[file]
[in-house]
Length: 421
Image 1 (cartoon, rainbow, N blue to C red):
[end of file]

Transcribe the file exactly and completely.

[in-house]
Length: 421
Image 1 (cartoon, rainbow, N blue to C red):